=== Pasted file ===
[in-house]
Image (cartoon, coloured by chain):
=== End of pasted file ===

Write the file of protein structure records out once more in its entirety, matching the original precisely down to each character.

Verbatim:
[in-house]
Image (cartoon, coloured by chain):